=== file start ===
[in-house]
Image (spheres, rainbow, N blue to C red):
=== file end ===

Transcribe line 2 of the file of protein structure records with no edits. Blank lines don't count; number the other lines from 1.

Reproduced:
Image (spheres, rainbow, N blue to C red):